[OSM-talk] Why isn't any XAPI server available ?
osm at petschge.de
Sat Feb 19 10:12:57 GMT 2011
> Am I missing something here...? People are complaining about how bogged
> down and slow the current service is, so its being re-written in java?
> Is there any language slower or more resource intensive than java? If
> the service isnt designed to be portable (it only runs on one system
> currently, in the world), then who cares about java, why isnt it written
> in optimized C or some other similarly lowish level language, rather
> than java?
You miss a whole lot in that picture. First of all openstreetmap has a
really nice growth rate when it comes to mappers but we still lack
developers, especially ones that create "infrastructure" and not nice
webapps for the general public. So if one of the not-so-many developers
actually finds the time and starts to improve a service that is in dire
need of developer love who can dictate which tools he is to use?
The current (or some would say old) XAPI is written in mumps with a GT.M
key-value database. This language has quite a bit of history and it (as
well as the XAPI implementation in it) have been able to keep up with
openstreetmaps growth for quite a long time and have provided an
invaluable data source.
A while back the tiles at home clients switched away from XAPI to the newly
created TRAPI read only mirrors to reduce load from simple "map" calls
on the XAPI in the hope that this would free enough resources for the
more complicated queries to the XAPI. Never the less it is no longer
able to keep up with the increasing demand of "I need all organic=yes
nodes on london and I need it now" requests. Part of the problem is a
whole bunch of stupid data scraper which just use huge map calls (that
the main API disallows) to XAPI instead of using TRAPI or going straight
to the planet dump or extracts there of.
Now given that XAPI is written in a rather exotic language other
developers can not just go in and try to improve the current state of
affairs and 80n is busy doing other things and I don't blame him. I know
very well how much time can be gobbled up by developing for openstreetmap.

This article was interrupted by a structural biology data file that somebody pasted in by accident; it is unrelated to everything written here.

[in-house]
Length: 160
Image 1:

This is about the situation we face end of last year / start of this
year. Several developers including myself started to say "if we can't
improve the current XAPI we might have to rewrite it". At first we said
that as a joke because we very well know how large such a task is. It
needs tons of manpower to get to the point where the existing XAPI is,
you need a fairly large box to handle all of the planet and you might
have moments where you have to reload the database from scratch and
can't develop for a whole week. At this point iandees stepped up to the
task and I'm immensely glad that he did.
iandees now chose java as the language of choice, a language that I
personally don't like and that I questioned when he first proposed it.
However he gave a couple of reasons that really convinced me:
* "It has to be a language that I know." Now how could I argue with
that? I had been thinking about a rewrite quite some time but didn't
find the time and motivation. I know how badly I would have reacted if
somebody told be "you can't use C" so who am I to tell iandees "you
can't use java". You want a C version? Go write it.
* "It has to be a language that is spoken by a large number of
developers." Now mumps was the favorite tool of 80n and it worked very
well from him judging from the nice service he wrote in it. Be there
aren't all that many mumps developers around, at least not in the
openstreetmap ecosphere. I personally don't like java too well but at
least I can read (and write if need be) it and I know a whole bunch of
developers who use java. So if iandees doesn't have time for
openstreetmap in 5 years or gets eaten by a grue then jXAPI wont die but
others can take over and keep it running.
* The third point, and this is the point that really sold be, was: "If I
don't do it completely wrong the real bottleneck wont be parsing the
result but the speed at which I can retrieve the data from hard disk.
Consequently I wont write that part myself but I will use postgis, a
well-known, well-optimized piece of software that is written in C by a
whole lot of people who can throw way more manpower at it then I ever
could." I have to applaud him for that idea and I complete agree with
his analysis that java performs sufficiently well to act as the thin
glue layer between HTTP queries and the postgis backend.
So far we have no real performance numbers for the new jXAPI much less a
direct comparison to XAPI-mumps on the same hardware. If you want to
benchmark that: Go ahead! If you ask politely we can even hand you a
(anonymised!) query log to the XAPI to use as a basis for your
benchmark. If you think you can write a faster alternative then postgis
in C or another low-level language: Go ahead! We wont hold our breath
Patrick "Petschge" Kilian
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